STATEMENTS AND LETTERS
Hungarian President János Áder's greeting to ICOSSE’15 conference, co-organized by the University of Pannonia and the American Institute of Chemical Engineers
Hungarian born Nobel Laureate scientist Jenő Wigner was still in high school, when he told his parents that he wanted to be a theoretical physicist. His practical minded father asked him with curiosity, how many such jobs there were in Hungary? The young Wigner responded candidly: perhaps two or three. His father gave it some more thought, then enrolled him at university, but to study chemical engineering. As he said, that was more a “down-to-earth” profession.
It would be difficult to argue with this strict father and his studies were to the benefit of the young man, because chemistry is indeed a down-to-earth discipline.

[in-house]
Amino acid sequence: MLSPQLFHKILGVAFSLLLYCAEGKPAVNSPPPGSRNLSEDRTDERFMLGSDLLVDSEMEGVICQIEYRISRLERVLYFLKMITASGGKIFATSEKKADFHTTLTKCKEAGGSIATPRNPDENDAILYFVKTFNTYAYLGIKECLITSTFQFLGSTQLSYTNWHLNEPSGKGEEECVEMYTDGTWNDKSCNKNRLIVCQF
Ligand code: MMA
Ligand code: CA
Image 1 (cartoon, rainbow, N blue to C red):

Esteemed Ladies and Gentlemen,
My cordial greetings to the participants of the ICOSSE’15 conference, co-organized by the University of Pannonia and the American Institute of Chemical Engineers.
Since the beginnings of time, science has been seeking and finding answers to the most pressing issues of humanity. It would be too long to list all the devices that have improved the quality of life, innovations that have changed destiny and all the ambitious technologies that we owe to the work of chemical engineers.
However, the responsibility of science does not stop with the first response found. The passing of time may make earlier solutions obsolete. Whatever Man may have created in the interest of development, may turn on us a few years or a few decades later. It places greater burden on the environment than before, its characteristics change with time, or side-effects surface that we never thought of.
Just remember the revolution of CFC gases, and the detrimental impact they caused in the ozone layer a few decades later.
There is another even more everyday problem: every year we produce about one billion PVC-bags. Producing them is cheap and takes a moment. We then use these bags for about 20 minutes. Then expect Nature to spend 200 or perhaps even 1000 years to break them down.